Dear Parishioners of St Jerome’s and St Anne’s
‘Anyone who eats this bread will live for ever.’
I read a news article yesterday entitled ‘How our country has changed after 80 days of lockdown’. A piece could also be written on ‘how the Church has changed’ or more interestingly, ‘how we have changed’. So I want to share some thoughts about how the last 84 days since our churches were closed have affected us. It is a personal perspective, of course, but I hope it might resonate with some of you. Perhaps we might obtain a deeper insight into today’s beautiful Feast: ‘The Most Holy Body and Blood of Christ’.
Time and again during these difficult days, we have been reminded of the crucial importance of ‘connectedness’ ; to ourselves, to each other, to nature and our environment, to God. The recent demonstrations and civil unrest surrounding the tragic death of George Floyd show us how quickly disintegration can take place. To say that we need to feel a deep sense of being connected, of not feeling that we are alone, is an understatement.
The restrictions we have been living under for so long are now lifting. I don’t sense that there will be a great rush back to the streets. There is still uncertainty and nervousness. Many are having to return to work. But, on reflection, I think that the most challenging days could still be ahead of us. I am not speaking of ‘second waves’, but of the reality that is now beginning to emerge. Most things look the same as they did before the pandemic struck. But the reality behind these appearances has changed. Even if we don’t understand this, we can at least sense it.
There is no shortage of speculation about what this new reality will look like. Suffice to say that we will all need time to adjust. But it seems to me that we have arrived at a deeply significant crossroads. We are being offered a choice. We can move into a mentality of ‘picking up the pieces’, of trying to retrieve what we can. Some of that will be necessary. But the alternative is far more inspiring. We come to realise that the pieces we see around us are exactly that; just pieces. They have gone. Now we are offered something new. A new way of doing things, a new approach to our lives.
This something ‘new’ is not primarily a list of things we need to ‘do’. It goes deeper. It touches on the very heart of our existence; our relationship with God, our image of God, our understanding of God. Where has God been in the last 84 days? Remote? Disinterested? Locked in the church? Most certainly not! He has been in the very stuff of these days, in the fear, the anxiety, the confusion, the tragedy. In each passing moment, He has been whispering to us, inviting us to a deeper connection with Him and with one another.
The Spirit of God has been moving in extraordinary ways in these days. Every human being and every created thing belongs to Him. God is not limited by pandemics or by locked churches. He is knocking at my door in those thoughts that linger in my mind, that ringing phone, those emails, that elderly person sitting at their window, those people passing on the street looking for a friendly smile. He has led us all into an 84 day retreat of reflection!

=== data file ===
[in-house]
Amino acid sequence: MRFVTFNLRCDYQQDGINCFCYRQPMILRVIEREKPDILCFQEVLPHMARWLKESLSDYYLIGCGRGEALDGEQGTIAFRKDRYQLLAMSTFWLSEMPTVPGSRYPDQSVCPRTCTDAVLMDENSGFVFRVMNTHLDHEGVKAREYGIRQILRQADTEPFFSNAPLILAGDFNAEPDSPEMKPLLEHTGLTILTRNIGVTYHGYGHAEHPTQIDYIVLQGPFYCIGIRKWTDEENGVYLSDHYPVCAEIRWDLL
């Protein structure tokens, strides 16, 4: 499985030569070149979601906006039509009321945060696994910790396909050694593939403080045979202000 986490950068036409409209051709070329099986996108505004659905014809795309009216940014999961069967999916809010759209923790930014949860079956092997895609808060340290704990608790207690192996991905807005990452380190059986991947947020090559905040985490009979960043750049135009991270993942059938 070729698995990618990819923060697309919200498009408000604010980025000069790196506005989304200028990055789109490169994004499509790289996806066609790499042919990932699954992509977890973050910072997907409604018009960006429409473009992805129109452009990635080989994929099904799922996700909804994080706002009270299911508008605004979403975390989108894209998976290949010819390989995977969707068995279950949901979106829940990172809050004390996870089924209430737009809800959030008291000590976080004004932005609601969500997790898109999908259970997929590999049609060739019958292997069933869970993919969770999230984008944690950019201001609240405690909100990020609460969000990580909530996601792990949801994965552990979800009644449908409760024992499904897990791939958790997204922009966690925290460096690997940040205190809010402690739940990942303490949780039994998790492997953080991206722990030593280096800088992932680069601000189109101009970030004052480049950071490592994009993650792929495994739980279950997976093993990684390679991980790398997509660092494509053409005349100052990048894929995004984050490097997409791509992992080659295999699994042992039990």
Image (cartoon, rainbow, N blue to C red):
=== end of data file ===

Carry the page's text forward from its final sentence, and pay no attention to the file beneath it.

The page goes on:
Our first instinct might now be; well, let’s start planning, let’s look to the future and start imagining and getting things into place. Let’s get ‘busy’. This has certainly been my first reaction and the time will come when it will be necessary. But here is the heart of the challenge I mentioned earlier. We take a long time as human beings to absorb, learn, listen. God knows this. 84 days is not long in the grand scheme of things. But it has been long enough to make us stop and think!
Could it be that God is inviting us to value the present moment, today? Could it be that the purpose of these days is to help us see and treasure our connectedness to everything around us, our place in it, our being with each other, our deep connection to God? How easy it would be to get lost again in the avalanche of busyness and planning! Surely this is the heart of the crossroads moment; to recover again what lies at the heart of my life, my belief, my relationships; or more precisely, Who?
It is this realisation of our deep connectedness that brings new perspectives and possibilities, of my place in things, of the realisation that I am loved, treasured, precious that gives me new heart and makes me smile. It is that reassurance of my profound connection to all around me that helps me to see others as brothers and sisters, not as enemies or as a threat. It is God, who is at the heart of every person and every created thing, who offers me a new way of seeing, hearing and loving. If we can sense this, or simply just desire it, then these 84 days will not have been wasted.
The churches remain locked. But the Church is alive in us! The Spirit of God is teaching us through so many examples of selflessness and service, that we belong to each other and to all created things. Above all, the Holy Spirit is leading us to Jesus, ‘the pioneer of our faith’. At the heart of the Eucharist of Jesus lies this profound promise of eternal connectedness to God and to one another. His body and blood were handed over for love of each one of us, to help us see that we are one body in Him. Not little islands, not isolated, but connected in every way.
Just think of what those future celebrations of the Eucharist of Jesus in our communities could be like with newly opened eyes, ears, hearts! Let us make good use of these days to learn, listen and ponder. Then surely, the new paths that God is showing us will be seen more clearly. May it be so!
God bless you all!
Dear Parishioners of St Jerome’s and St Anne’s